Monday, May 30, 2011

Day-um it's been a long time


(To the 2 or 3 of you who actually read Juggling in the Dark, my apologies for not posting anything since April 19. I've been too slack and lazy and occupied with other things.


That's my argument for social media overkill -- takes so much time to do the blog, Facebook and Twitter. But that's for another day.)

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There are a couple of very good pieces in Ads Age Daily recently about creative briefs (Briefs. Get it, huh? Get it? Oh never mind, I'm sorry.). One point of view is that clients need to give their agencies better briefs and one that follows comes from the school of "the agency should go get a better brief".

Here they both are:
The first one.
The other one.

Both of them spurred interesting comments and online "discussion". I think I tend to come down on the side of "go get the brief", since we've always figured that initiation of the brief is our responsibility, not the client's. That said, I think clients do have a responsibility to give us as much direction as they can when they have an assignment - and, if not, we have to insist on asking lots of questions - questions with answers to which we're entitled.

I'm not talking necessarily about major new campaigns here necessarily, as a Small Agency, a lot of our work is projects. But whether it's a small assignment like a single promotion ad or a new campaign, I think that the client has an obligation - to itself if nobody else - to think it out before they pick up the phone and call the agency.

And even then, the agency may have to force a bit of thinking.

I think all of us have had the experience of being handed an assignment that may rest on no other reason for being than the fact that somebody got a bonus insertion or wants to try a new media outlet. And, I think many of us have been guilty of going ahead on, say a new campaign with an existing client without really probing to find out what they want to accomplish. It's just to easy to assume that you know the client and you know their positioning and you know the objectives.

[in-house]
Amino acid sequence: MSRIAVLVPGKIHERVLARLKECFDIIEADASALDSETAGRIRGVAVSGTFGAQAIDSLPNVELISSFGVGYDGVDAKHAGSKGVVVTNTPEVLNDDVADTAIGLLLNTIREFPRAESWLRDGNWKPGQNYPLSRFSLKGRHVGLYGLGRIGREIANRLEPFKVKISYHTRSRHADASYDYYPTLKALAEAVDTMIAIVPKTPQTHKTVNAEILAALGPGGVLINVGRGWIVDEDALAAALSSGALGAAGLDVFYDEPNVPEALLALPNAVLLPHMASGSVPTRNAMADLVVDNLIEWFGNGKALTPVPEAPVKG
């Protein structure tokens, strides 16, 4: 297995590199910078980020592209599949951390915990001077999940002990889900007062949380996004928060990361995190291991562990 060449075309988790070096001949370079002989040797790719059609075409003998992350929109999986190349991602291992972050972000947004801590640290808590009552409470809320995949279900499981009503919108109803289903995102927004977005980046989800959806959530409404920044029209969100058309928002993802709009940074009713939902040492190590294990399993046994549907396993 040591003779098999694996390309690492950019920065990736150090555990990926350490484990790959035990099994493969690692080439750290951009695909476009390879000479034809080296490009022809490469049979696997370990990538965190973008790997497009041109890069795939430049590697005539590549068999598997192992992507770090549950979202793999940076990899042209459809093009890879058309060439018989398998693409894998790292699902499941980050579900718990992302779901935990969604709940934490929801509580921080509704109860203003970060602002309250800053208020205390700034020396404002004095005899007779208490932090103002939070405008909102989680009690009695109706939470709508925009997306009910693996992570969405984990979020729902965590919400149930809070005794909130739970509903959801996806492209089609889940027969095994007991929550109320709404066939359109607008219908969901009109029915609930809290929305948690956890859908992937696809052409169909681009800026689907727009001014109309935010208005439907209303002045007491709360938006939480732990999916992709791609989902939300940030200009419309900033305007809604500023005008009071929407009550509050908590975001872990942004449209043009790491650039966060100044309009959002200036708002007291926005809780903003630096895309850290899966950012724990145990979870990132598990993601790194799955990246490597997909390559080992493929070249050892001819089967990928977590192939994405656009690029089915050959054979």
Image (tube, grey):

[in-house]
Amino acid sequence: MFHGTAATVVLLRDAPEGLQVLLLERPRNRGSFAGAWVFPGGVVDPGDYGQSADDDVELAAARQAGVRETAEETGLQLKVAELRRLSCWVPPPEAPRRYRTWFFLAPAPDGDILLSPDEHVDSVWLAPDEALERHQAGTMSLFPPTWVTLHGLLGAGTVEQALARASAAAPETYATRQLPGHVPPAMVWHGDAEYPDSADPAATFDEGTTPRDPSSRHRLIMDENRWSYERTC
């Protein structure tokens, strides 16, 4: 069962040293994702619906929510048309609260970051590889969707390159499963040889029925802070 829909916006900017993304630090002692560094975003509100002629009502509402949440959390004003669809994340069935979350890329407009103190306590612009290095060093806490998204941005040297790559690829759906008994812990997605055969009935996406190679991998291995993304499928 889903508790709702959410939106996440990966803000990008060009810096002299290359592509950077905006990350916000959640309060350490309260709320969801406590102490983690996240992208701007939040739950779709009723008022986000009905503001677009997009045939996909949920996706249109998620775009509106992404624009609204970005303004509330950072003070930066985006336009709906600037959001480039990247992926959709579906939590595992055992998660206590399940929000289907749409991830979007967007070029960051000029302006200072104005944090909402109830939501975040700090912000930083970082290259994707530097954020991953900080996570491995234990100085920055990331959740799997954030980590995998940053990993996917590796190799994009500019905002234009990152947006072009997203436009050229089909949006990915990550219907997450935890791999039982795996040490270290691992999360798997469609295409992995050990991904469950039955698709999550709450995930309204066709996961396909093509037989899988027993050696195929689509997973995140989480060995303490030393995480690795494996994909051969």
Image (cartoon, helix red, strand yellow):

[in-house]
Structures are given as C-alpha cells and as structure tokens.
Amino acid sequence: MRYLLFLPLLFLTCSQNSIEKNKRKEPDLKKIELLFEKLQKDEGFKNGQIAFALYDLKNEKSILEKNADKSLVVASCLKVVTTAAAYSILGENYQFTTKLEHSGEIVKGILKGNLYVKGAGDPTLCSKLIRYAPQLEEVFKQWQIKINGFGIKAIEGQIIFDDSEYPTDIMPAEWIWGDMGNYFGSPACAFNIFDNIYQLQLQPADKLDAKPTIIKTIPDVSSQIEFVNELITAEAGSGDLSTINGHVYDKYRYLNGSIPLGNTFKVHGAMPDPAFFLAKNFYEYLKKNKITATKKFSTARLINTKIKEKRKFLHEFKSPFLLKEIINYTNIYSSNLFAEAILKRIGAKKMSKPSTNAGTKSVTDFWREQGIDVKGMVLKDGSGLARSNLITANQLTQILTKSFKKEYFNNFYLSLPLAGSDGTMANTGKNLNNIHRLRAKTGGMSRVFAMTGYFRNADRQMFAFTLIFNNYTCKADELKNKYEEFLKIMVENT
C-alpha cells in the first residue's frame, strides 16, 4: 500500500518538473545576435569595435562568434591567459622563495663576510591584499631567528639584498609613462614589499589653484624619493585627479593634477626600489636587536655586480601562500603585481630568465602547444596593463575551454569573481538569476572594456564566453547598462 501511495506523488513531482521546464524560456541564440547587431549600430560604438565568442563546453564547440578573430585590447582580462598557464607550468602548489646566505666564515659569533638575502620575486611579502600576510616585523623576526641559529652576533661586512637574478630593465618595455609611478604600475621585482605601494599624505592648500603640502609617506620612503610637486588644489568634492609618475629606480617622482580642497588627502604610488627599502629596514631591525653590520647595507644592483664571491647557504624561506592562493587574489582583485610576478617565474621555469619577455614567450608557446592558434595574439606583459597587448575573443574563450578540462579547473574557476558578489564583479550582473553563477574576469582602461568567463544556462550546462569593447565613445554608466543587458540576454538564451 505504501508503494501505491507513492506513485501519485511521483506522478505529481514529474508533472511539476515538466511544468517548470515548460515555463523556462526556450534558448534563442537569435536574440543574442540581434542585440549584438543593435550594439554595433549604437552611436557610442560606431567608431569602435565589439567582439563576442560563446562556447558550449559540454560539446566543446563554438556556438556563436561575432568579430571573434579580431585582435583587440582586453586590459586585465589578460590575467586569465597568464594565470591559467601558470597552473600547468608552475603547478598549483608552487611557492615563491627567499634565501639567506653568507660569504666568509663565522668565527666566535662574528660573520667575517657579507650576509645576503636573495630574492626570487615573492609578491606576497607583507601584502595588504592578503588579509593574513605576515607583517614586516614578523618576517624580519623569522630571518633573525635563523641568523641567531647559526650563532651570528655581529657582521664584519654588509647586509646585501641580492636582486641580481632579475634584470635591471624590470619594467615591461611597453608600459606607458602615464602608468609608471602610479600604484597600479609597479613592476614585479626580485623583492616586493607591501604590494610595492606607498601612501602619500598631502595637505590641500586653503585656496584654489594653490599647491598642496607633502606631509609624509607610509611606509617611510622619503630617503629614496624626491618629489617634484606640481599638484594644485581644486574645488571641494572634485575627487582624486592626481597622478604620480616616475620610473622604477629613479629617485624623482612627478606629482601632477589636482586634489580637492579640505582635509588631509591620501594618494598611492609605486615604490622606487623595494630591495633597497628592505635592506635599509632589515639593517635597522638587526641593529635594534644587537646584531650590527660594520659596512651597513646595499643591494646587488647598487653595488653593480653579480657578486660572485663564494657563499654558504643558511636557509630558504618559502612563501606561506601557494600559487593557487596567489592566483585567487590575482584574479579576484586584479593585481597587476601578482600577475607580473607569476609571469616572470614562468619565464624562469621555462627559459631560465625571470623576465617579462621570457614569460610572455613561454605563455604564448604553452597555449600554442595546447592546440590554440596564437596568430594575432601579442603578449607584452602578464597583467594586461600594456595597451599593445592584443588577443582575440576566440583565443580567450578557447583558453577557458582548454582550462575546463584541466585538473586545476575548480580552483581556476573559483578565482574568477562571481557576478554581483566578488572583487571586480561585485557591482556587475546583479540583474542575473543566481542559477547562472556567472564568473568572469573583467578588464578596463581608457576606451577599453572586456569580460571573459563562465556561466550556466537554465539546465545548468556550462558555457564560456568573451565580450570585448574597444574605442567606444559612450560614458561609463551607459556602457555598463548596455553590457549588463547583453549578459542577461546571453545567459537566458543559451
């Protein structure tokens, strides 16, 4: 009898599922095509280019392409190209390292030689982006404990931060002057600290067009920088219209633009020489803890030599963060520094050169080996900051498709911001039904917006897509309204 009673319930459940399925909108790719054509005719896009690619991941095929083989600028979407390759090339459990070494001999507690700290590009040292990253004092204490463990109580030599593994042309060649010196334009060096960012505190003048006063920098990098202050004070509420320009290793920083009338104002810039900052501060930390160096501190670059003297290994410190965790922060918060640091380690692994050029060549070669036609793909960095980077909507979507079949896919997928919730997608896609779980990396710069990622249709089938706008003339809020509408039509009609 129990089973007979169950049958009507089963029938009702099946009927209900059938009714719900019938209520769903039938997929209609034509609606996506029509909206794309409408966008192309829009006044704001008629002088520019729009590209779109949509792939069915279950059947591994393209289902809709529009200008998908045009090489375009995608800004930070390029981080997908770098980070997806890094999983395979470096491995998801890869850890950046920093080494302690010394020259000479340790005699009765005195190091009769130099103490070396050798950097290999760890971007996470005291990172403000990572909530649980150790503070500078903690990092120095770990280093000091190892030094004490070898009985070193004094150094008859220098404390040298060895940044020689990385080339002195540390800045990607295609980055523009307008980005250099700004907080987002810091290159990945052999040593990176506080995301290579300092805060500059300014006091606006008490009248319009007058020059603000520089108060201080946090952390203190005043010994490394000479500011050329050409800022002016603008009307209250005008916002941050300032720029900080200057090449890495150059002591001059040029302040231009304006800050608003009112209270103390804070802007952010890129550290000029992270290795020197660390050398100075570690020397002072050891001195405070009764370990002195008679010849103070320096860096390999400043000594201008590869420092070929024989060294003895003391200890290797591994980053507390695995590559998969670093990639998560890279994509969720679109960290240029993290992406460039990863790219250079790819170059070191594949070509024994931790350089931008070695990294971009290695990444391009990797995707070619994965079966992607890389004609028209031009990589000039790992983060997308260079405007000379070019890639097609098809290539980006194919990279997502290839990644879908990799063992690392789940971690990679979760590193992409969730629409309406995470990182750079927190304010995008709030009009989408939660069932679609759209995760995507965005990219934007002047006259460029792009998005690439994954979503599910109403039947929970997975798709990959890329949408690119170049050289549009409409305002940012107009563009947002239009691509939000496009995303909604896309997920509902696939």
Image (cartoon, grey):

Honestly, "we need an ad tomorrow, here are the specs" isn't enough to go on.

But on the flip side, I've been down that road where the client approves the brief - and maybe even makes some comments and/or changes on it - only to come back when you present creative that follows the brief laid out in the strategy with a different point of view. Sometimes, no matter what you do, you get the feeling that they aren't really focused on it. Like it or not, there are folks out there who, like art and porn, don't know what it is but assume they will know it when they see it when it comes to creative that is on strategy.

And that not only can make for a lot of extra work for the agency, but also (and more important) it can result in an ill-focused bit of work for the client.

So I guess both of the guys mentioned above have good points. (Can't say the same for one commenter who said : "The creative brief is a dead as Lindsay Lohan's career. Today what is needed is not a document such as a creative brief but in a relationship where agency and brand marketers are connected via constant communication and Intranet sites." Sorry, but what a total doofus.)

If you're a client, think it through before you get anybody started on anything. Or at least get your agency to think it through with you.

And if you're an agency, don't be lulled into thinking you can bang ahead on a project without any form of brief or clear thought from your clients. Even if you have to pry it out of them.

Bottom line, I suppose, is that if it's going to help us to better work, it's up to us to get it.